Several neighbourhoods in the city have been badly affected by the cyclone, which was swept in from the Gulf of Mexico on Sunday evening, according to local media reports.
Cuban president, Miguel Diaz-Canel, announced on Monday three people had been killed, while dozens more were being treated for injuries.
“The damage is severe, so far we regret the loss of 3 human lives and treated 172 injured,” he wrote on Twitter.
Photographs circulated online showed roofs torn off buildings, upturned cars and flooded streets in several Havana neighbourhoods.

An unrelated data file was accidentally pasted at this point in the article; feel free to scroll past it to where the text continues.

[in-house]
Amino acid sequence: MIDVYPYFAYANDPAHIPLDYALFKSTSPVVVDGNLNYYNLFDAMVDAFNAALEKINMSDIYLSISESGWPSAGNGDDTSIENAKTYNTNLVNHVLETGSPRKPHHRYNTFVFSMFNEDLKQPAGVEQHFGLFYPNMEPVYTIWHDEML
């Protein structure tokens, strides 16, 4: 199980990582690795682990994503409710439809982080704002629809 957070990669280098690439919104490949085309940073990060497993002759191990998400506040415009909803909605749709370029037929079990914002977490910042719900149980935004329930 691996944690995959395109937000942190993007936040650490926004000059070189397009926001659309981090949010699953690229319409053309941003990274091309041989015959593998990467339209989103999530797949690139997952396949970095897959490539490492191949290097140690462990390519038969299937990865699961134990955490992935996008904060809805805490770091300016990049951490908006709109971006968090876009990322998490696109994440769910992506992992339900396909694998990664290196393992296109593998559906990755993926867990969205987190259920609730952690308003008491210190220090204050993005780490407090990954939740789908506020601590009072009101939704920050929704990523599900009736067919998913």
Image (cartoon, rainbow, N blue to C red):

Reports stated several districts in the city were experincing power cuts, while some areas also saw isolated landslides. Winds are thought to have reached in excess of 60mph.
He said residents from across the city had called to report the cyclone had made landfall late on Sunday evening.
“People heard what sounded like a jet engine and felt changes in environmental pressure,” he added.
Tornados are a relatively rare occurrence in Havana, although the city has been hit by the weather phenomenon in the past.
The most famous disaster came in December 1940 when a tornado swept through the city, killing 20 people and injuring more than 200 others in the nearby town of Bejucal.
Join our commenting forum
Join thought-provoking conversations, follow other Independent readers and see their replies